Oct 062000

Adding more swapfiles

If you want to add a swapfile, perhaps you should read swap files first.  This article deals with adding a additional swapfile after adding your first swapfile.  So if you already have a swap file (and I’m not talking about a swap partition), and you want to add another, then this is the article for you.

Out of swap space again

I need yet more swap.  So I went and created a new swap file:
# dd if=/dev/zero of=/usr2/swapfile bs=15m count=20
10+0 records in
20+0 records out
314572800 bytes transferred in 40.594 secs (387462 bytes/sec)

Note that the above should have give you a 300Mb file (bs=15m, count=20 or 15Mx20 = 300Mb).  Enjoy.

Creating a new device

Before we can use this swapfile, we need to create a new vnconfig device.  Here’s how I did that:
# cd /dev
# ./MAKEDEV vn1

Telling vnconfig about the new swapfile

Before I started this article, my /etc/vntab contained this:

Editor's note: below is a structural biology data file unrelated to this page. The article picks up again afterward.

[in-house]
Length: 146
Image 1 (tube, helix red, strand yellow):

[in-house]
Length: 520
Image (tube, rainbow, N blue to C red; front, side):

/dev/vn0c /usr4/swapfile swap

After adding the new device, here’s what the config file looked like:

/dev/vn0c /usr4/swapfile swap
/dev/vn1c /usr2/swapfile swap

My thanks to Glenn Johnson for his advice on the MAKEDEV and the config file.

Restarting vnconfig

Actually, I just rebooted to check some NFS issues, but I suspect the following would be sufficient:
vnconfig -ae

The results

Now I have this as swap space:
$ swapinfo
Device          1K-blocks     Used    Avail Capacity  Type
/dev/ad0s1b         70776     2128    68648     3%    Interleaved
/dev/rvn0c         153472     2088   151384     1%    Interleaved
/dev/rvn1c         307072     2248   304824     1%    Interleaved
Total              531320     6464   524856     1%

We’ll see how that goes.